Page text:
“Questions and Answers,” New Era, Nov. 2008, 12–13
Dating and getting to know other people better is a fun time and something to look forward to. But the world is on a different timetable from that of Church members. Others think young dating is a harmless way for a boy and a girl to enjoy being together, but the Church advises that this type of relationship be postponed until age 16 or even later. As in For the Strength of Youth, it states: “Dating before [age 16] can lead to immorality, limit the number of other young people you meet, and deprive you of experiences that will help you choose an eternal partner” (, 24).
Being asked on a date you cannot accept can be a difficult situation because sensitive feelings are involved. First, if someone asks for a date, they can easily have their feelings hurt if they feel rejected. However, you cannot modify your standards for someone else.
You will need to find kind words and actions to turn down the dating invitation. You can explain that your Church (and your family) have set a standard on dating. If you want to encourage a friendship, you might consider including the person in an upcoming Mutual activity. As it says in For the Strength of Youth, “Good friendships can and should be developed at every age” (24).
Waiting to date as the Church directs is always the best choice.
I was actually asked this question by my best friend. I told him that my church advised me not to date until I was 16, but that it was also a family guideline and my decision. He was impressed by this response and told me that it was my morals that had originally impressed him. He was glad that I stuck so strongly to my beliefs. He waited over 200 days until I turned 16 to take me on a date, and we are still best friends.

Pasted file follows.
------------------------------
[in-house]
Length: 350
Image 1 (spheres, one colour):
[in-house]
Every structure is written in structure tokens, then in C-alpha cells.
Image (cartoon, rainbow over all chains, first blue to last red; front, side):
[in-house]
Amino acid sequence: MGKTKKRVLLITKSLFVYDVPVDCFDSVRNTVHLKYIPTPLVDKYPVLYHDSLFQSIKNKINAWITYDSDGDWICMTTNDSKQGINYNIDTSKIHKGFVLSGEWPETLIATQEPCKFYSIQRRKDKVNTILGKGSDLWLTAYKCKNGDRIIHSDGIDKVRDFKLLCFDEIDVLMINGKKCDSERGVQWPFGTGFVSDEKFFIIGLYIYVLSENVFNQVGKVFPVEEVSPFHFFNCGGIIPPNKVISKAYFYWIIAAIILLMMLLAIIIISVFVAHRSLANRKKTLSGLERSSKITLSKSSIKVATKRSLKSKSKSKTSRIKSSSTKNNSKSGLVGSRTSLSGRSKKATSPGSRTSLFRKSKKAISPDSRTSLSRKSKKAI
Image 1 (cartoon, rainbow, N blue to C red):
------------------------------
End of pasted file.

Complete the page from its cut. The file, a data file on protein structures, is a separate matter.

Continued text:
Kristen L., 16, North Carolina
If I were to get asked out on a date, I think I would tell them about the Church and that I am not allowed to date until the age 16. I would ask if it were OK to go with a group of friends or wait a few more years.
Quaid H., 14, Western Australia
I would say, “I wish I could, but my religion asked me not to date until I’m 16. I really would love to, but maybe we can get to know each other and be friends.”
Jacob S., 15, California
I had something similar happen to me when I was 15. The boy didn’t actually ask me, but a group of my friends told me they bought a bunch of stuff to help me ask a boy to a dance. I already told them I didn’t want to go. This was hard, but I told them that is what I felt was right because I know when a prophet tells us to do something, we should do it.”
Ashley M., 17, Utah
Tell them what you believe, and why you shouldn’t date before 16. Maybe suggest that you get a group of friends together and a fun evening instead of going on a one-on-one date.
Casey T., 16, Hawaii
What I did in that situation was act as genuine as possible whether I liked them or not and briefly explain my religion and clearly state that my mind was set on that choice. Make plans casually with that person and friends, so you have the opportunity to be kind to them.
Ashley L., 16, Alberta, Canada
It is really hard to turn somebody down without hurting their feelings. Sometimes you just have to. I would talk to them sweetly and softly and tell them, “I’m really sorry! I’ve chosen not to date until I’m 16. It’s a standard of my church.”
Sarah Katherine Y., 15, Louisiana
I would say that I do not believe in dating before I turn 16. I would explain if they had questions. I would kindly say I would like to go out after I turn 16 if they still wanted to.
Allyson W., 15, Louisiana
Just tell them, “You seem really nice, but because of my religion, I need to wait until I’m at least 16. So hold the gesture and when I’m old enough, I’d love to.”
Shaarn K., 15, Western Australia